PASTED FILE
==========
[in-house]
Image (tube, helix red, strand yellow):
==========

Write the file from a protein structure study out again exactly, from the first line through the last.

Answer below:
[in-house]
Image (tube, helix red, strand yellow):